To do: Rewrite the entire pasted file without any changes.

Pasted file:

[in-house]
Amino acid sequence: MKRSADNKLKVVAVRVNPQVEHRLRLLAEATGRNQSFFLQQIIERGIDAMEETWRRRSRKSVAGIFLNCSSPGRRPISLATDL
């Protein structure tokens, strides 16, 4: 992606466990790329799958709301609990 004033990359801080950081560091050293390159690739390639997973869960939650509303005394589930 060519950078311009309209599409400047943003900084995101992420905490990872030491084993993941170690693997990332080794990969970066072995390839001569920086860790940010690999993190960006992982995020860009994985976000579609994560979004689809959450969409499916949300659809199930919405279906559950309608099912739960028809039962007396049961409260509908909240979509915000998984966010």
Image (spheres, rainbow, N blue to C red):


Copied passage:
[in-house]
Amino acid sequence: MKRSADNKLKVVAVRVNPQVEHRLRLLAEATGRNQSFFLQQIIERGIDAMEETWRRRSRKSVAGIFLNCSSPGRRPISLATDL
């Protein structure tokens, strides 16, 4: 992606466990790329799958709301609990 004033990359801080950081560091050293390159690739390639997973869960939650509303005394589930 060519950078311009309209599409400047943003900084995101992420905490990872030491084993993941170690693997990332080794990969970066072995390839001569920086860790940010690999993190960006992982995020860009994985976000579609994560979004689809959450969409499916949300659809199930919405279906559950309608099912739960028809039962007396049961409260509908909240979509915000998984966010």
Image (spheres, rainbow, N blue to C red):